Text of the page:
Much Oil Remains in Gulf, Researchers Estimate
The federal National Incident Command, which has been coordinating clean-up efforts, reported earlier this month that the damaged well had spewed about 4.9 million barrels of oil into the Gulf before it was capped. Half of that oil had been safely burned off, skimmed, or directly recovered and another 25% had evaporated or dissolved, the federal researchers said.
Both the UGA assessment and the federal calculations it contradicts are estimates based on incomplete information. Federal researchers cautioned that their results would be refined as better information became available.
Moreover, it might easily be years before these petrochemicals disappear.
"One major misconception is that oil that has dissolved into water is gone and, therefore, harmless," said UGA marine scientist Charles Hopkinson, the senior investigator in the effort. "The oil is still out there, and it will likely take years to completely degrade."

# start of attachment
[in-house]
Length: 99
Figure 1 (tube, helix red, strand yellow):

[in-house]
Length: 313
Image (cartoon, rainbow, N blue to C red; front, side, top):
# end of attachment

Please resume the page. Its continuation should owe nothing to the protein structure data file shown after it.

Federal researchers involved in preparing the earlier estimate couldn't be reached for comment late Monday. Officials at the National Oceanic and Atmospheric Administration in Washington and New Orleans also couldn't be reached for comment.
In a statement, Dr. Hopkinson said most of the oil classified by the government as dispersed, dissolved or residual was actually still in the water. Using a range of likely evaporation and degradation estimates, the group calculated that 70% to 79% of oil spilled into the Gulf still remains.
The group said it was impossible for all the dissolved oil to have evaporated because only oil at the surface of the ocean can evaporate into the atmosphere and large plumes of oil are trapped in deep water.
The UGA study hasn't yet been published, nor has it been peer-reviewed by independent researchers.
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